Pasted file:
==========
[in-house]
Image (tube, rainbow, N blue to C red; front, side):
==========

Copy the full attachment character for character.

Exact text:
[in-house]
Image (tube, rainbow, N blue to C red; front, side):